Because of this crash, Juan returned to “square one,” which required additional medical treatments including injections.  Juan’s wife, Raquel, suffered soft tissue injuries in the crash.

The defendant, Meza, admitted that he was negligent, but maintained that both Juan and Raquel were not injured to the extent that they claimed.  At the close of evidence, the jury deliberated for two hours before reaching a verdict of $14,809.  $10,947 was the verdict for Juan made up of the following damages:

On Dec. 15, 2000, Patrick Broderick was driving southbound on Schoolhouse Road when icy conditions caused him to lose control of his car.  His vehicle came to a rest on a snow bank on the east side of the road.  A good Samaritan stopped at the scene to help Broderick, parking his car in the northbound lane of traffic.  Supposedly, the good Samaritan’s hazard lights were on and working, but that fact was disputed.

Caroline Semanic was traveling northbound on Schoolhouse Road when she approached the scene.  Semanic said she saw no flashing headlights on the good Samaritan’s vehicle and testified under oath that she saw only tail lights that she thought were attached to a moving vehicle.  Semanic’s car slid into the good Samaritan’s car while attempting to avoid crashing into that parked car, pushing the vehicle into the plaintiff Broderick, who was standing in the roadway with his back to northbound traffic.

Broderick maintained that the force of the impact caused him to be thrown 75 feet.  The thrust of the impact resulted in a closed head injury, mild traumatic brain injury and soft tissue neck injury.  Broderick claimed that he now has impaired cognitive function, loss of prior math skills, inability to concentrate, memory deficits, altered personality, word-finding difficulties, post-traumatic stress disorder, inability to follow directions, chronic insomnia, increased flare ups of temper, headaches, neck pain and depression. He is currently working as a fraud analyst.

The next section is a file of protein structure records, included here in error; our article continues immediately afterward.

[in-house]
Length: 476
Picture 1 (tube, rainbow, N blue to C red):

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Nasrath Sawa-Malik, 52, was driving northbound on Interstate 55 (Stevenson Expressway) on June 18, 2010 when her car was rear-ended by a car driven by the defendant, Terry Cornwell, which struck Sawa-Malik’s car at a high rate of speed.  The impact caused Sawa-Malik to crash into the vehicle ahead of her.

The plaintiff sustained soft tissue injury to her neck and back.  She underwent injections recommended for pain.  Sawa-Malik maintained that before this car crash and her injuries, she accepted a contract to work as an Arabic interpreter for a U.S. defense contractor at Guantanamo Bay, Cuba.  Sawa-Malik said she was about to start the new job at the time of the crash but was unable to do so because of her injuries.

Cornwell admitted liability, but argued that Sawa-Malik could not prove her lost income for the translator job that she had never started.  Cornwell did not attend the trial.